Enough daring ladies took advantage of this method, especially during WWI, that by the time WWII came around, specific precautions were taken to keep knitted codes from slipping through unnoticed (among other things):
The weekend is over and the workweek is back at it again. Not a big fan of Mondays? You’re not alone. Here’s a little 1995 article from the Wausau Daily Herald all about the Monday blues and surviving the workweek:
“Just kind of hope for the best. Don’t expect too much.” – Jim Beem.
On October 24, 1926, the famed magician Harry Houdini finished a show, walked off the stage, and collapsed.
The above-mentioned “delay in applying for medical attention” was a span of several days. The exact reasons for his unexpected death haven’t been confirmed, exactly, but it is pretty likely a result of being punched in the stomach after a lecture on October 22nd. Houdini was chatting with some students in his dressing room when one student decided to test his claim that he could withstand any blow to the stomach.
The student’s blow came without warning, and Houdini, with no time to prepare, found himself with a ruptured appendix as a result. But it was his insistence that the show must go on, as they say, that did him in. He survived for a week after the operation for his appendicitis, but eventually died that Halloween at the age of 52.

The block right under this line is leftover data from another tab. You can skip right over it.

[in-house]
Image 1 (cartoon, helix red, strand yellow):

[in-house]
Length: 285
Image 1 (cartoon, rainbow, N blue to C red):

But before he died, he is said to have made a promise with his wife. If there was a way to contact her from the Beyond, he would find it. And thus, the annual Halloween Houdini seances began.
After ten years of attempting to receive a message from her husband, Bess Houdini finally gave up the effort. She died in 1943. She is pictured below next to a small collection of her husbands things a few days before the October 1936 seance, the final attempt she would make.
On this day in 1965, the 630 foot tall curve of St. Louis’ Gateway Arch was completed.
Interesting, related tidbit of history: it seems that while in town for the arch’s monumental completion, Aline Saarinen—wife of the architect who designed the building—was robbed.
Eero Saarinen, sadly, died in 1961, two years before construction of the arch began.
On this day in 1959, the doors of the strange, spiraling Guggenheim Museum open to the public.
The Guggenheim displayed (and continues to display) a large and expanding collection of contemporary art. It has since become one of the most visited of New York City’s many attractions. Have you had a chance to go?
The first week of October has come and gone, and with it fades the final days of this year’s Oktoberfest celebrations. Celebrated annually in Munich, Bavaria, Germany since 1810, Oktoberfest has since spread to various cities across the world for obvious reasons. A two week-long party (or longer) complete with music, festivities, traditional foods, and beer? That’s a recipe for a good time wherever you are.
Yep—you’ve got to admire a wedding reception that’s so good it’s re-celebrated every year.